The Dyson v15 Detect is essentially introducing detection technology. There are two elements to this - a filter system that now tells you the particle sizes you are vacuuming up, with each size correlating to particular nasties like allergens, dirt and more, plus a laser on the front of the vacuum that shows you exactly what is covering your floors.
I received a loan unit to road-test the Dyson v15 Detect, and I have to admit I was skeptical about the laser - wouldn't it just be showing me what I could already see? Did we really need a laser on the front of our vacuums to tell us what we can see with our own eyes?
But in use, the laser was probably the highlight of the device for me. I'm definitely a lazy cleaner when it comes to my own house, and will power-vacuum through rooms to get it over and done with. I always assumed speeding over my hardwood floors would do the job fine, and to a degree it does - the laser showed me the dirt on my floors, then on return, I could see most of it was gone. But what it also showed me was all the nooks and crannies I wasn't catching in my speedy clean.
Under chairs. The area underneath my lounge. Underneath the coffee table. All COVERED in dust and dirt. It was honestly quite revolting to see, so I took some photos to show you what I mean.
See? When you have a visual on everything you miss when cleaning up, it definitely makes you want to try a bit harder. For me, especially so - I'm an allergy sufferer and pollens, dust and dust mites set off my hayfever big time. Being able to see all the patches of dust I've been missing means I feel my home is way more dust-free (ish).
The other detection element is the technology in the filter, which analyses what you're vacuuming up in record time. It's called a piezo sensor, and it analyses 15,000 times a second, which is crazy to think about. It's looking for size of the particles, which it does by measuring their acoustic vibrations.
Yellow particles are pollen and allergens, like pet hair, which can often hang around spaces even when the pet is gone. For example, my parents dog comes to stay at my house every so often, but she hasn't been in my home for weeks. Still, I saw plenty of dog hair on our floors and couch via the laser, and plenty come up on the display of the Dyson v15 Detect.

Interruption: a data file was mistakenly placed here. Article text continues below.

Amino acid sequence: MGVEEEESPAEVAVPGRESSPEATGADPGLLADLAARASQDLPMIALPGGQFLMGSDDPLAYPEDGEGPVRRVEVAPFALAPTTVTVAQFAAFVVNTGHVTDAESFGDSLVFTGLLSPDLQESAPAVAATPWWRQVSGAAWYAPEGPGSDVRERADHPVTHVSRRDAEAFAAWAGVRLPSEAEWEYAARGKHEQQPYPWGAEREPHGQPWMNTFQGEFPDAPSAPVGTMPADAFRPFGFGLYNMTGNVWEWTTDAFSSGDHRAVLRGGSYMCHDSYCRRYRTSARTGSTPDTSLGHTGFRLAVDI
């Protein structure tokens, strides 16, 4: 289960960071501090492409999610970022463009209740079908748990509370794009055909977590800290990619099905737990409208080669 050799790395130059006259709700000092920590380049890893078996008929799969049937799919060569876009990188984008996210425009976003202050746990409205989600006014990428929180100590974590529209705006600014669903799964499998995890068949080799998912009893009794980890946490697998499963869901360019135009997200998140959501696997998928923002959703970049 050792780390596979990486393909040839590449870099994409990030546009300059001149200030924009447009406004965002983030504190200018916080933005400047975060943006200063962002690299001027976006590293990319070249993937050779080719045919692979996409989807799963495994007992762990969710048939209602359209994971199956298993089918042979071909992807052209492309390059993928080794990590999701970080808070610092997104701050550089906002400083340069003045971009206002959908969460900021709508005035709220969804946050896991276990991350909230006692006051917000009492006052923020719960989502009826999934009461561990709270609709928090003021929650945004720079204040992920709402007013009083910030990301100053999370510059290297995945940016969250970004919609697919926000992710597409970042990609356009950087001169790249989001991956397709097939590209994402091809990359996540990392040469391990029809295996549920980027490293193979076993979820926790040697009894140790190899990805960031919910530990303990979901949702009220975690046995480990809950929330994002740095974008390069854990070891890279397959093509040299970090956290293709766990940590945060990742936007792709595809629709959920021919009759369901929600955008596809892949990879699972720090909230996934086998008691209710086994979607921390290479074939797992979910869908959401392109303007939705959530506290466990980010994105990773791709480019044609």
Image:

Orange particles are microscopic dust and (ew) skin flakes. These can irritate our noses and throat, especially if we're prone to hayfever. But it's the pink particles that freaked me out the most - dust mites. I'm so, so allergic to dust mites and constantly battle with sneezing and eczema. It's really comforting (and a little alarming) to see the pink bar fill up as you vacuum carpets, mattresses and lounges.
There are other benefits to the Dyson v15 Detect, like a 60 minute run time at full capacity, and an intelligent response that changes the intensity of vacuuming depending on dust/dirt level, or floor type. Both very useful additions, but unlikely to be the key to making you invest in a brand new machine.
Still, as an allergy sufferer, this is definitely a device I'd invest in. I feel the Dyson v15 Detect is geared more toward people who struggle with allergies, more than those who just want a clean house. Obviously it will do both, very well - but as fellow allergy sufferers know, a dusty house is more than just unpleasant to live in, it literally affects your health.
The Dyson v15 Detect retails at $1,399 for the Total Clean model, and $1,449 for the Absolute Extra model, which also comes with a HEPA filter which can filter out even smaller particles like pet dander and diesel soot, as well as a floor dock.